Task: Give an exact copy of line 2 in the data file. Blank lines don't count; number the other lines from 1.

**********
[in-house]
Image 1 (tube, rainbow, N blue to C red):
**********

Image 1 (tube, rainbow, N blue to C red):